I thought it best to simplify my response. I said I lived by myself beyond the mountains and left out all details about a son living with an ex-wife, about family members as perplexed as the Huaorani chief about what I was up to. Jim translated my words, and as he did their smiles disappeared. Then the headman, his eyes locked with mine, spoke, and Jim again translated.
He said he was saddened to learn I lived alone. He wondered who hunted for me when I was sick or injured, who fought alongside me when I was attacked, what children would take care of me when I became old?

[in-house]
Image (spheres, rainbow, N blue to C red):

His genuine compassion touched me deeply. This "savage" knew something that I had missed about the importance of community, and hearing it unleashed my vulnerability. I started to cry, and the Huaorani continued to stand there, his gaze never wavering.

My experience with SIL missionaries and the Huaorani changed my life's course. It led me back to my own faith tradition and family. It also turned out to be tremendous preparation for interacting with the varied religious and cultural groups I would come in contact with as a religion journalist years later.

But you don't need to travel as far as I did to learn this. Everybody seems to live everywhere today. Surely there's a religious culture or two in your city just waiting to be approached that you'll find exotic and fascinating. And from whom you can learn a great deal.

IMAGE: Huaorani men in their communal hut. Photo by Ira Rifkin.